To be successful, a name change needs to be supported by those at the top. At the very least, the majority of your senior leadership team should be on board. Names carry a lot of sentimental value, especially for founders and owners. If you don’t have consensus on the need for a new name, going through the renaming process can wind up being a wasted endeavor.

If you’re hoping to convince one or more members of the C-suite that a new name is needed, it’s best to have a team of key partners who believe in your vision for a better brand. Do your research and make a compelling argument for a new name. Any of the reasons listed above are a good place to start.

Naming is hard enough when leadership goes into the project convinced of its value. Trying to navigate the renaming process with decision-makers who are unconvinced is like trying to run a marathon with a tractor tire tied to your waist. You can give it a shot, but you probably won’t make it to the finish line.

2. You’re simply bored with your current name


We get it. Working within the same brand year after year can get tiresome. It’s easy to lose sight of the inspiration you once found in its name. But is it the name itself that’s really the problem? Or is it the brand surrounding it?

If it’s the latter, what you might need instead of a rename is a rebrand—or simply a brand refresh. You’d be amazed at how much a repositioning initiative can reinvigorate a seemingly lackluster brand name.

Just because you’re bored with your brand’s name doesn’t mean your customers are. One thing to carefully consider when thinking about a rename is the brand equity you stand to lose. For as impactful as a rename can be, sometimes a rebrand is the better course of action, in the interest of preserving brand loyalty.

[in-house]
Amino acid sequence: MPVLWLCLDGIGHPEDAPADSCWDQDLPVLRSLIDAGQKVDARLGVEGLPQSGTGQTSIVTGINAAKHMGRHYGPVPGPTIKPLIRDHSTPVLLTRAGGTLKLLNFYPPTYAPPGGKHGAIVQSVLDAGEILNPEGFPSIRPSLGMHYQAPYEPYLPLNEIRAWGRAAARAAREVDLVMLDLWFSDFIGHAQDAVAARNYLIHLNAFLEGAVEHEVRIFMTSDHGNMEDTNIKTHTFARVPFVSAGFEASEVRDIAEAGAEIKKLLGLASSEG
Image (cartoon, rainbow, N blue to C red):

3. You have unrealistic expectations


If there’s one thing that’s critical to the success of a renaming project, it’s a realistic set of expectations. As tempting as it is to believe otherwise, that I’ll-know-it-when-I-see-it perfect name simply does not exist. Or if it does, it’s already been trademarked by another company. Love at first sight almost never happens when it comes to naming.

A recent study by the Harvard Law Review titled “Are We Running Out of Trademarks?” found that more than 70% of English words in common usage are already trademarked. Trying to find a meaningful, trademarkable name with a domain name to match is even harder.

As difficult as it is to find a good name, it’s not impossible. Not yet anyway. You just have to be open-minded to the recommendations your agency brings to the table. You’ll never be able to appreciate the full potential of a name the first time you hear it or see it, out of context and with no existing brand story behind it.

Google, Microsoft, Walmart—the vast majority of brand names on the Fortune 500 list would sound like terrible ideas if you were to hear them for the first time. But with positioning, identity, and a history of performance, every one of these names evokes a powerful brand. The bottom line: name alone does not make a company great.

Conclusion

What’s in a name? Plenty. Embarking on a name change is no small thing. There’s no shortage of reasons you should rename your company. (And at least as many reasons you shouldn’t). If at the end of the day, the reasons to rename outweigh those not to, congratulations! You’ve got an exciting—if sometimes arduous—journey ahead. It’s well worth the effort, though. When the time is right, and the resources are in place, nothing can reinvigorate a flagging brand quite like a new name. Just remember to keep an open mind and, most importantly, trust the process.

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A prolific blogger, speaker, and columnist, Brian has more than a decade of experience in design and branding. He’s written for publications including Forbes, Huffington Post, and Brand Quarterly.